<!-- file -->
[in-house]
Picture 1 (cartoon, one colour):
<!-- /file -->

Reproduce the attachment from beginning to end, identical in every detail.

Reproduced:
[in-house]
Picture 1 (cartoon, one colour):